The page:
When animals attack, they’re usually not the ones you’d expect, a new study shows. Farm animals – including cows, horses and pigs – lead the pack in bites, kicks and other fatal attacks. They’re followed by insects like hornets, wasps and bees, and dog attacks are in third place.
The researchers, led by Dr. Jared A. Forrester of Stanford University, analyzed U.S. fatalities from 2008 to 2015 that were caused by animals.
“There were 1610 animal-related fatalities, with the majority from non-venomous animals (2.8 deaths per 10 million persons),” researchers wrote in the study, which has been published in the journal Wilderness & Environmental Medicine. “The largest proportion of animal-related fatalities was due to ‘other mammals,’ largely composed of horses and cattle.”
Cats and raccoons are also included in the “other mammals” umbrella.
The researchers also found that many of the deaths were preventable, and death rates due to animal causes didn’t decrease over the seven-year period.
They used the Centers for Disease Control and Prevention’s WONDER database to collect demographic information about animal-related fatalities and the victims involved.
The findings show that it’s not necessarily bears and wolves most humans need to fear, but domestic animals.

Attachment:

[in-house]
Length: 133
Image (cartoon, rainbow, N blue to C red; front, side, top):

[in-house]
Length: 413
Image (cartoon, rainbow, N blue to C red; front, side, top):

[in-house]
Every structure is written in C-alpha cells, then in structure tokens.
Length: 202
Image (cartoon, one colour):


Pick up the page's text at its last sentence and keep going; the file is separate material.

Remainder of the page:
“Importantly, most deaths are not actually due to wild animals like mountain lions, wolves, bears, sharks, etc., but are a result of deadly encounters with farm animals, anaphylaxis from bees, wasps, or hornet stings, and dog attacks,” Forrester said.
Dog attacks were most likely to be fatal among children 4 and under, the researchers found.
The study also underlined how important it is for anyone with an allergy to bee, wasp or hornet venom carry and know how to use an epinephrine delivery device like an EpiPen. This is especially true in the U.S. Southwest, where “Africanized” honey bees live. The bees are known to swarm aggressively when provoked, and their attacks can be fatal.
Preventing more animal attacks could save the U.S. billions of dollars in emergency room visits and other medical costs each year.
The study was a follow-up to a previous project Forrester and his colleagues undertook to catalogue fatal attacks and other animal-related deaths from 1999 to 2007.